Note that the TOTP authenticator app on your phone does not need a network, or a phone signal, to work (the way the system works is by mixing a pre-shared secret with the current time, to give the six-digit code, valid for 30s around the current time; thus the system works as long as your phone knows the roughly correct time).

Getting a physical MFA token §

Information Security have covered this well, however there is an additional MFA method that may be available under specific circumstances.

If you require a dedicated physical token for multi-factor authentication, IT Services require all individuals to raise a service request for themselves due to the device being tied to that single person.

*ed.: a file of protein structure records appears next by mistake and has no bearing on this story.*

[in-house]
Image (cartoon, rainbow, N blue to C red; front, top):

To raise a request, log in to the UofG Helpdesk and select the 'Service Catalog' menu item from the left.

Once loaded, enter 'mfa' into the search field, which will return two options; 'Multi-factor Authentication Opt-in' and 'Multi-factor authentication help'. Raise a ticket under the help option.

Note: Opting in will result in your account becoming potentially inaccessible if you can't associate an MFA authenticator with your account. This may be why you are reading these notes!

In the new service request, select the category "General multi-factor authentication question".

You should then advise:

Once submitted, IT Services will be in contact to continue the process (it is reportedly a rather protracted process).

Can I use my YubiKey (or other FIDO2 security key) for this? §

Neither P&A IT nor Campus IT formally support this mechanism, but for information...